What I don't understand is why, in this post, you've brought up the Oregon-style disclaimer multiple times as if I'd been arguing against it. I'm not pro-unrestricted use of unaccredited degrees. You drastically shifted course. Your argument yesterday was that unaccredited degrees were all illegitimate and the only means of measuring legitimacy is accreditation.

    Did you change your mind and seek a "compromise" on this Oregon thing or did you continue the conversation offline without me and are just now looping me back in?
  9. Neuhaus

    Neuhaus Well-Known Member

    Sidebar: I stated that non-licensed individuals have been disciplined by their respective states for using the post-nominal "M.D." despite it also being an academic degree. The individuals I cited for this, upon closer inspection, both had their licenses revoked and were disciplined further for , among other things, continuing to use the post-nominal M.D. on their websites and correspondence. It looks like the M.D. usage was an aggravating factor but not proximate cause of the additional discipline. I apologize for this error though I think it does raise some interesting questions about first professional degree usage when an individual lacks the associated license.
  10. JWC

    JWC New Member

  11. CalDog

    CalDog New Member

    Yes -- but maybe only within that denomination. It would potentially be a much more limited form of acceptance than, say, acceptance by a state licensing board.

    If you look back through the thread, you will find that I am responsible for eight previous posts (#14, 18, 20, 29, 38, 40, 43, and 67). Half of them (#14, 38, 43, and 67) explicitly mention the Oregon rules. This includes my very first post in this thread (#14) which states:

    I have not "shifted course" or "changed my mind" since Post #14. I entered this thread by explicitly endorsing an Oregon-style disclaimer, and have continued to do so since.

    Is that really what I said ? Take another look (it's post #43):

    I have not argued that accreditation is the only way to determine academic legitimacy -- I have argued that it is the only practical and objective way. I acknowledge that there may be legitimate unaccredited schools, and I also acknowledge that different people may have standards for identifying them.

    The problem is that those standards will vary from person to person (or from denomination to denomination, to use your example above). So they are subjective, of limited applicability, and ultimately less useful than standards based on USDoE-recognized accreditation.

    Given that there are no objective standards that can be applied, and given that the unaccredited degrees can be of very dubious academic quality (woof !), my solution is to simply flag unaccredited degrees and let potential reviewers make up their own minds. If they have their own subjective means of evaluating unaccredited degrees, then they are free to use them.
    Last edited by a moderator: Feb 20, 2015
  12. Pugbelly2

    Pugbelly2 Member

    I've heard differing reports as to the rigor of LBU doctorate courses. I plan to enroll soon, so I'll report back and let you know. I have a RA graduate degree, so I expect the rigor of doctorate courses to be greater than what I experienced at the prior level of study. If it is not, I would not continue studies irrespective of BBFI approval. While I have no problem at all with an unaccredited degree for my purposes, I still expect the work involved to be substantive.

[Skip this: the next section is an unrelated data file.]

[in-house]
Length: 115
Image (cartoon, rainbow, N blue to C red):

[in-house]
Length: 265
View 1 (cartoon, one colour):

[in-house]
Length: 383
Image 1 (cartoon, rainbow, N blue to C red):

That said, I took undergraduate courses from numerous schools, unaccredited: Golden State School of Theology, RA: Bellevue University and Louisiana State University, and NA: Eugene Bible College (now New Hope), Global University (now RA), Briercrest Bible College, and Penn Foster. According to the "legitimate" argument, Bellevue and LSU should be the toughest in terms of rigor. They weren't. The toughest was Briercrest by a mile. Global, BU and Penn Foster were comparable to one another at second. GSST was third, and Eugene was the easiest. So much for the argument that RA = rigor. As I have been saying, RA is an indication of quality, not a guaranty of it. RA is a guaranty of acceptance, nothing more. I hate when people compare the rigor of unaccredited or nationally accredited schools to RA as if 1) all RA is the same and 2) all RA rigor is superior. It's simply not true.
    Last edited by a moderator: Feb 20, 2015
  13. Stanislav

    Stanislav Well-Known Member

    In this case, the legitimacy of the school will be tied to the legitimacy of denomination, wouldn't it? I'm not sure about quality, but both St. Sophia and Christ The Savior seminaries (also, the distance learning Chicago Pastoral School, no matter how it pains me to endorse anything Russian) are legitimate simply by virtue of being duly authorized by competent hierarchs of one of the oldest Churches in the world. Of course, this is essentially my denomination, but I'd argue they are objectively legitimate. Baptists can comment on LBU's standing in their communities.
  14. Neuhaus

    Neuhaus Well-Known Member

    All righty, Caldog, I think at this point it can be said that we aren't actually in disagreement on most of our key points.

    Unaccredited = Suspect, with some good/some bad. Flagging like in Oregon? Not a bad idea. You're right, you did mention that initially. I didn't address your statement about Oregon disclaimers because, as it seems common in these "point-by-point" refutations, I identified the parts I disagreed with so I could argue with them. Now I am realizing that we agree on the core idea and our argument is really just over semantics.

    What I will say to kind of clarify my position is that I'm not necessarily saying that we should presently rely on state approval. Rather, it is my preference that we should be able to rely on state approval. You're right. At present, we cannot rely solely on state approval to determine a degree's legitimacy. I think that is a problem. I find it a bit ridiculous that we cannot trust the states to regulate institutions of higher education operating within their boundaries while expecting them to manage their own institutions of higher education as well as a network of primary and secondary schools. Instead, we are essentially forced to rely on a series of private organizations to do the government's job.